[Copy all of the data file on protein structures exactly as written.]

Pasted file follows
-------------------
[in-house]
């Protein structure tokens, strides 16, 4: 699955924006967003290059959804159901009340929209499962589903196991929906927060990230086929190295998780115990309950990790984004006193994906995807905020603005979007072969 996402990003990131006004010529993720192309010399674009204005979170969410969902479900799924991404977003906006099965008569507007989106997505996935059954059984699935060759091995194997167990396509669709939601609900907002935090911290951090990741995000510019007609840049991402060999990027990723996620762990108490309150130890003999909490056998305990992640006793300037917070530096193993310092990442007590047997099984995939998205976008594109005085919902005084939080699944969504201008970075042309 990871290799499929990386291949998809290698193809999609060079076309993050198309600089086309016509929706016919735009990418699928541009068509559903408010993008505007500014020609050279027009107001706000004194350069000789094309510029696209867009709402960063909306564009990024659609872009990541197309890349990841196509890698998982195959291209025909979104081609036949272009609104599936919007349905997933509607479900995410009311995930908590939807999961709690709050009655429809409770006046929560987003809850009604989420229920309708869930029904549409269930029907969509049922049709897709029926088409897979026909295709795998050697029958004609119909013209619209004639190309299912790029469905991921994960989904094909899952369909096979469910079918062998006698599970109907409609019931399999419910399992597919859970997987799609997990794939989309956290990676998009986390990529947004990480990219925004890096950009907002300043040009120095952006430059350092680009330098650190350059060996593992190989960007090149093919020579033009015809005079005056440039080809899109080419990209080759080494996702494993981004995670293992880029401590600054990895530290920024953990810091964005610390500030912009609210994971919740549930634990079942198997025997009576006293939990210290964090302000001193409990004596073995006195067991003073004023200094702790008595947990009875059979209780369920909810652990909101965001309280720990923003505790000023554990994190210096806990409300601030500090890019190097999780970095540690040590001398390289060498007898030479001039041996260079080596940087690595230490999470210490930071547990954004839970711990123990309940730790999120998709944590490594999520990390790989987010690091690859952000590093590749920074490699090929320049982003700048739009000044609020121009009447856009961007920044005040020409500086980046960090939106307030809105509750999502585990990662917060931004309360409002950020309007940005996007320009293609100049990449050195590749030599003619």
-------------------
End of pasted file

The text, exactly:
[in-house]
């Protein structure tokens, strides 16, 4: 699955924006967003290059959804159901009340929209499962589903196991929906927060990230086929190295998780115990309950990790984004006193994906995807905020603005979007072969 996402990003990131006004010529993720192309010399674009204005979170969410969902479900799924991404977003906006099965008569507007989106997505996935059954059984699935060759091995194997167990396509669709939601609900907002935090911290951090990741995000510019007609840049991402060999990027990723996620762990108490309150130890003999909490056998305990992640006793300037917070530096193993310092990442007590047997099984995939998205976008594109005085919902005084939080699944969504201008970075042309 990871290799499929990386291949998809290698193809999609060079076309993050198309600089086309016509929706016919735009990418699928541009068509559903408010993008505007500014020609050279027009107001706000004194350069000789094309510029696209867009709402960063909306564009990024659609872009990541197309890349990841196509890698998982195959291209025909979104081609036949272009609104599936919007349905997933509607479900995410009311995930908590939807999961709690709050009655429809409770006046929560987003809850009604989420229920309708869930029904549409269930029907969509049922049709897709029926088409897979026909295709795998050697029958004609119909013209619209004639190309299912790029469905991921994960989904094909899952369909096979469910079918062998006698599970109907409609019931399999419910399992597919859970997987799609997990794939989309956290990676998009986390990529947004990480990219925004890096950009907002300043040009120095952006430059350092680009330098650190350059060996593992190989960007090149093919020579033009015809005079005056440039080809899109080419990209080759080494996702494993981004995670293992880029401590600054990895530290920024953990810091964005610390500030912009609210994971919740549930634990079942198997025997009576006293939990210290964090302000001193409990004596073995006195067991003073004023200094702790008595947990009875059979209780369920909810652990909101965001309280720990923003505790000023554990994190210096806990409300601030500090890019190097999780970095540690040590001398390289060498007898030479001039041996260079080596940087690595230490999470210490930071547990954004839970711990123990309940730790999120998709944590490594999520990390790989987010690091690859952000590093590749920074490699090929320049982003700048739009000044609020121009009447856009961007920044005040020409500086980046960090939106307030809105509750999502585990990662917060931004309360409002950020309007940005996007320009293609100049990449050195590749030599003619």